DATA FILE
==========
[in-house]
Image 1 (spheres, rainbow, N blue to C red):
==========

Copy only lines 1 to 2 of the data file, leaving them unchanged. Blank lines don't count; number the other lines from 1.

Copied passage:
[in-house]
Image 1 (spheres, rainbow, N blue to C red):